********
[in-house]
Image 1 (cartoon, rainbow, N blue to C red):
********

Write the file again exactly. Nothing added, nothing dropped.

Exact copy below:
[in-house]
Image 1 (cartoon, rainbow, N blue to C red):